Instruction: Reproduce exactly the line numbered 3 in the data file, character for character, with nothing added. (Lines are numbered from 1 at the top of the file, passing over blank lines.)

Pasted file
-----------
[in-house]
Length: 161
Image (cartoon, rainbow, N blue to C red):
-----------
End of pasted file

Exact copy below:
Image (cartoon, rainbow, N blue to C red):